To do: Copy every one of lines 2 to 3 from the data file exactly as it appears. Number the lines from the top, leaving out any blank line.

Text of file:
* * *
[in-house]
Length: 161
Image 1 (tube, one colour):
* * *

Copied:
Length: 161
Image 1 (tube, one colour):